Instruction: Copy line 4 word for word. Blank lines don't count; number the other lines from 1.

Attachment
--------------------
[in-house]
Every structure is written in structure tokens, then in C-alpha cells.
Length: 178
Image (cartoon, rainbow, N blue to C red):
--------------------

Image (cartoon, rainbow, N blue to C red):